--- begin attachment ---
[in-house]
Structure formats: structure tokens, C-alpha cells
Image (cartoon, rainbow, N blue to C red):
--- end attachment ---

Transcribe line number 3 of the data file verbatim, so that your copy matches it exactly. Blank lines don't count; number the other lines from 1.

Image (cartoon, rainbow, N blue to C red):